From: Jason Gunthorpe
Date: Thu Apr 25 2013 - 14:33:13 EST

On Thu, Apr 25, 2013 at 09:13:32AM -0700, John Stultz wrote:
> On 04/25/2013 12:11 AM, Alexander Holler wrote:
> >Am 24.04.2013 18:07, schrieb John Stultz:
> >
> >>>And why is RTC_SYSTOHC now gone on x86?
> >>
> >>So summarizing the above, because as much as I'm aware, its always been
> >>redundant and unnecessary on x86. Thus being able at build time to mark
> >>it as unnecessary was attractive, since it reduced the code paths
> >>running at suspend/resume.
> >
> >Hmm, I thought RTC_SYSTOHC was there to update the used RTC clock
> >with the time from NTP (and liked that). Therefor I don't
> >understand why it is redundant and unnecessary on x86. Of course,
> >most systems do have something in userspace to set the RTC on
> >shutdown, so it isn't really needed.
> Prior to SYSTOHC being introduced, we only synced system time to the
> RTC via update_persistent_clock() on systems that had that
> interface. SYSTOHC is relatively new and lets the system sync to
> RTCs that don't have the persistent clock.


Per John's comments on SYSTOHC, when enabled, NTP still always prefers
the update_persistent_clock clock path if it is available, to avoid
any possible unforseen breakage.

In most cases GENERIC_CMOS_UPDATE and SYSTOHC would ultimately call
exactly the same code, but x86 is very complex in this area and they
can call different code. GENERIC_CMOS_UPDATE calls
arch/x86/kernel/rtc.c:mach_set_rtc_mmss() and SYSTOHC calls
include/asm-generic/rtc.h:__set_rtc_time() (AFAICT)

I would think the SYSTOHC path is the better choice because it is the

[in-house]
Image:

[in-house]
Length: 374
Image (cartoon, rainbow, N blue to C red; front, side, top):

path used by userspace /dev/rtc* access and is certainly more tested -
but I don't know for sure. For instance, the NTP path was once
specially optimized to align the second tick of the RTC to the system
clock and I can't tell if both functions have that property.

Anyhow, I think at this point update_persistent_clock and
CONFIG_GENERIC_CMOS_UPDATE are archaic - I left them in when I made
the SYSTOHC patch because untangling everything is a big job.

John mentioned they might be kept for embedded - eg size reduction.
The issue with that idea is if you do not enable the class RTC
subsystem then there is no way for a small embedded userspace to set
the RTC. The /dev/rtc* device obviously goes away, but it also turns
out that that CONFIG_GENERIC_CMOS_UPDATE only works when combined with
a heavy weight userspace NTPD that runs the kernel PLL properly. The
kernel NTP code is enormously conservative and it is actually quite
hard to get it to write to the RTC. An RTC that cannot be set is
useless, so these days I feel CONFIG_RTC is pragmatically mandatory -
and my space constrained embedded systems do set it, for these

So, my conclusion is nobody with a RTC looking for space savings, will
disable CONFIG_RTC, which means we can safely rely on
CONFIG_RTC_SYSTOHC to do this work. To that end, I would encourage
everyone who sets CONFIG_GENERIC_CMOS_UPDATE to also set
CONFIG_RTC_SYSTOHC - that will let update_persistent_clock to be
ripped out over time without impacting users.

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